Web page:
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Saudi Arabia will not change its oil production policy in the short term despite the death of King Abdullah, Again Capital partner John Kilduff and other experts told CNBC on Friday.
"Things go downhill from here for us with King Abdullah's death. The next generation and others—while they talk a good game and a lot of happy talk toward the U.S. and what they want—what they really want is a very sustainable oil price, a higher one than I think we would like and can benefit from, and will work to do that," he said in a "Squawk Box" interview.
His viewpoint was echoed in part by other experts, who warned that Yemen developments and leadership in the regime are likely to make the situation fluid in the coming months.
Abdullah died Friday (Thursday EST) after effectively ruling the country for two decades. His half-brother, Crown Prince Salman, assumed the throne.
At the November OPEC meeting, Saudi Arabia refused to agree to production cuts. The move accelerated declines in crude prices, which are down about 60 percent from highs in June.
The Saudis want to "break the backs" of U.S. oil producers, and possibly those in Iran and Russia, as well, Kilduff said. The decision to keep oil production steady is largely seen as a bid by Saudi Arabia to protect its market share.
That shifts the responsibility to boost the price of oil through output cuts to other countries, particularly the United States, where oil production has increased about 50 percent between 2008 and 2013.
All eyes will be on what happens to those U.S. producers over the next several months now that the United States has taken the mantle of the world's swing producer from Saudi Arabia, IHS vice chairman Dan Yergin told CNBC.
The new king faces not just plummeting crude prices—Saudi Arabia is the world's largest oil exporter—but the potential for war in Yemen, its southern neighbor. The U.S.-aligned government in that country collapsed on Thursday as Shiite rebels from the north occupied much of the capital city, Sanaa.
The development increases the sense of anxiety and tension in the region and highlights the geopolitical risk there, Yergin said on "Squawk Box."
"What's been remarkable about the oil price—a year ago you had a lot of geopolitics in the price. Now there's no geopolitics in the price, but I think some of that may come back," he said.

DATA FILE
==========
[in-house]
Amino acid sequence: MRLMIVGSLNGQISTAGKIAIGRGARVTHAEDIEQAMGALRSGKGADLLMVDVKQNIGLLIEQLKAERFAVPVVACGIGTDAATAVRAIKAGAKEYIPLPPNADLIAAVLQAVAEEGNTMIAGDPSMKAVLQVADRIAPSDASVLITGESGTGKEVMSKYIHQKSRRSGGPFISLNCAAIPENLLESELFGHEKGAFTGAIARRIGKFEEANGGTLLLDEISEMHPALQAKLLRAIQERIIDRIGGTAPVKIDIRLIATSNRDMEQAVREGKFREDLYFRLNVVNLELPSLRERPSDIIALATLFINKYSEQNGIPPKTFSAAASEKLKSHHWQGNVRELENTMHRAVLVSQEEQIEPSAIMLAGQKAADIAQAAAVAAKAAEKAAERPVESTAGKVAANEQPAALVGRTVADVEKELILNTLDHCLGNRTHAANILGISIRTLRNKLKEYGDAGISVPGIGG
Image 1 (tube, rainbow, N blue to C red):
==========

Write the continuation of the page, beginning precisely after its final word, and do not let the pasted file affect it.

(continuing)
As for internal stability, Abdullah went to lengths to ensure a smooth transition of power, but he made one unorthodox choice in his deputy crown prince, who has now become first in the line of succession, said Ian Bremmer, president of the Eurasia Group. Crown Prince Muqrin is capable but lacks tribal support, Bremmer said on "Squawk Box."
One thing to watch over the short to medium term is whether King Salman decides to replace Muqrin and bring in more loyalists.
"That would be a fairly big deal, and he would be able to do it without a lot of backlash," Bremmer said. "It could lead to a more cohesive and probably more reformist-oriented set of policies in Saudi Arabia."
Saudi Arabia can hold its share of the oil market at current prices through the end of 2015 and into 2016, Bremmer said. However, he thinks its leaders will budge on production cuts in the coming months because the economy is so dependent on oil revenues.
Even if Saudi decisionmakers had been thinking about taking some oil off the market in the near term, they must now wait as the country focuses on mourning its deceased leader.
"That's not going to get you more than a month, and beyond that, I think that the Saudis are going to be one of a few pieces that should be taking a little bit of oil off the markets from the Middle East," Bremmer said.
Former U.S. Ambassador to Saudi Arabia Chas Freeman said the Saudis can deal with the pain inflicted by its own policy for several years, noting that the country has hundreds of billions of dollars in foreign exchange reserves. The official figure from the World Bank is $737 billion as of 2013.
"I think the pain is real, but the determination to see this out, preserve and gain market share, squeeze out new sources of energy so that Saudi Arabia's patrimony is not dissipated, all of this is very real," he said in a "Squawk on the Street" interview.
There is currently no indication of disagreement in the kingdom over the strategy of riding out low prices, he said.